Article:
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In fine, the authority assumed by the female episcopacy in the church, is more unjust and more tyrannical, than that which the female usurps in the domestic circle, when she degrades her husband and seizes the reins of government over the family. The one is a breach of civil order; the other is a breach of the laws of God's house. And there is a degree of guilt attached to crimes of this last kind, which throws a frightful shade of aggravation and infamy over them. And can a man of spirit submit to this infamous usurpation? On the poor hen-pecked sufferer we bestow our sympathy, as on a martyr for the rights of man. In his degradation his will is not stained by any acquiescence in the tyrannical encroachments of his help-mate. But the silence and the complacent submission of the society, to this public encroachment on the civil and religious rights of man, present the matter in a different point of light. We feel not so much the yearnings of sympathy for the hen-pecked martyr struggling occasionally for his rights. We feel all the virtuous indignation of the man and the christian against men who have sold their birth-right, and yielded up their powers to the dominion of the petticoat!Oh the times! Oh the manners! Can this age that has been enriched by every work of taste; that has elevated every branch of science to such a proud eminence; that has produced so many men of learning and refinement; so many orators in church and in state; whose labours are diffusing among all ranks in society, the most correct views of man's natural rights; such love of order, piety, and religion: Can this age bear the presumptuous opinions of them who would bring back on us the mysticism and folly of the dark ages, when bearded men listened to prating girls; and professors resigned their chairs to doating old women!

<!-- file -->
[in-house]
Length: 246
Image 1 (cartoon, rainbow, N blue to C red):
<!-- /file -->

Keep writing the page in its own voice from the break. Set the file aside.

We call on every man of science and friend to literature in the society, to exert himself in correcting the vitiated taste of men; who even for their amusement can listen to the incoherent effusions of illiterate females! We call on every virtuous and amiable lady in the society, to use all her influence in taking away this scandal to man—this reproach to the sex! We call on every man of spirit and independence to set his face against this insult on his dignity and prerogative; this outrage to the laws of God and of nature! And oh! ye hen-pecked, and far from peace

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and comfort, gladly would we aid you in regaining your lost paradise, out of which your ambitious Eves have so wantonly turned you! Make one effort more, we beseech you, to make them feel their proper station in society. But alas! no-words will not do it. Arguments cannot. Distraction can be restrained only by force. And none but the brutish can apply force to arguments, especially where the fair are concerned. I give up the case, therefore, as hopeless. Alas! and we have lived to see the day when those evils reign that made the most patient of the fathers groan. "Alii discunt, proh pudor! a feminis quod homines doceant-Scribimus indocti, doctique poemata passimHanc garrula anus, hanc delirus senex, hanc sophista verbosa præsumunt, lacerant, docent, antequam discant."* We have lived to see the day when these female phenomena have ceased to excite surprise or interest! The novelty is gone; and with it that burning shame that was on the cheeks of our fathers, when they were first compelled to witness the intrusion on their prerogative, and on delicacy and decency! The wonderment of the mob has subsided into a leering stare! And the thing is become a matter of perfect indifference to the orderly and the polished; to the magistrate, to the pastor, and to the prelate. Oh ye grave Roman senators, who arrested the solemn business of the commonwealth, in order to consult the oracle what alarming events the appearance of a female in your forum to plead her own cause, might portend to the city;† the stoutest of you had" stood aghast with speechless trance"-had you witnessed what our eyes beholdfemales mounting the rostrum, and declaiming in the assemblies of the people—had you witnessed grave men and even prelates, and even pastors, and even the united wisdom of the people in the halls of the state and the congress, sitting down under the prophecyings of mother Juliana, and the refreshings of a petticoated preacher! Proh tempora! Proh mores!‡ **** Old

Hierony. tom. iii. 7.

Plutarch.

This has been literally exemplified in the congress, and in our state

legislatures. The mother Julianas of the day have been invited to en

lighten our congress, from the speaker's seat. And a few years ago the legislature of New Jersey postponed the business of the commonwealth, to sit down under the "divine refreshments" of a reverend mother Deborah, who occupied the speaker's seat with infinite grace!